Thursday, December 04, 2003

Plain-speaking cowboy

Love him or loathe him, when he was in Congress, Wyoming's Alan Simpson was always entertaining, almost a throwback to the days senators and representatives nearly (or actually) came to blows in the halls of Capitol Hill.

Well, the big guy's at it again, according to this Washington Post story (third item) about Simpson's activity with the Republican Unity Coalition, a "big tent" GOP group. When the "famously anti-gay" Westboro Baptist Church in Topeka, Kan., formally protested Simpson's support of the gay marriage court ruling in Massachusetts, with a letter from pastor Fred W. Phelps urging the construction of a monument in Cheyenne featuring the biblical admonition against homosexuality, Simpson fired back with this response:

I just wanted to alert you to the fact that some dizzy shit is sending out mailings and e-mails from the Westboro Baptist Church -- and using your name! I'm certain that you would not want this to continue or some less-alert citizen might think that you, yourself had done it. We know that is surely not the case, because you are a God-fearing Christian person filled to the brim with forbearance, tolerance and love -- and this other goofy homophobe nut must be someone totally opposite.

Quite Sincerely, Al Simpson.

Man, do we need this guy back in the Senate.


Zevon gets five

Warren Zevon tallies five Grammy nominations, including Best Contemporary Folk (??) Album for The Wind. I'd be surprised if he doesn't capture at least one award, though, face it, folks, were Zevon still alive and well, he'd never have gotten a second thought from the nominating crowd.

On the other hand, we can only hope the Oscar nominations mirror those of the film-oriented Grammys. If so, we'll see The Folksmen, et al., performing the theme to "A Mighty Wind" come Feb. 29.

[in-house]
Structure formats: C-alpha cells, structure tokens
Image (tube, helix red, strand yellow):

Wednesday, December 03, 2003

Meet Freddy

The newest member of the household. He's named for my dad Fred, and we adopted him from the Las Vegas Valley Humane Society on Nov. 15, when he was eight weeks old. He's 100% boy, rambunctuous but completely affectionate. He also has a keen sense of smell (which Willow totally lacks), so cooking the turkey and stuffing and dealing with the leftovers has been an adventure. He sleeps with us on the bed and is completely at home. He and Willow chase each other around the house ... when they aren't curled up together asleep. We think we'll keep him.

Tuesday, December 02, 2003

Why newspapers remain important

Sources tell the Review-Journal that Wendell Williams will be fired from the city of Las Vegas, perhaps as early as today. His former supervisor, Sharon Segerblom, will be allowed to keep her job, which is only appropriate. Segerblom couldn't really discipline Williams without the support of the city higher-ups who kept giving him raises and promotions (including former Mayor Jan Jones, who encouraged the city to get as many employees in the Legislature as possible), even as he was violating policies and breaking laws.

Had the Review-Journal (and a much lesser extent, the Sun -- or, more to the point, Jon Ralston) failed in their relentless pursuit of the facts in this case, Williams would have not only kept his job, but quite possibly continued up the city hierarchy, landing lifetime patronage posts for a lot more people than his "special friend," Topazia Jones.

This is the type of story that TV just can't nail. It requires weaving disparate strands of information into a coherent narrative (with appropriate visuals). It's not soundbite-friendly ... until all the evidence has been gathered, the story told, the argument made. It's why newspapers (even if they one day become completely virtual) remain important. It's a proud day for print journalism.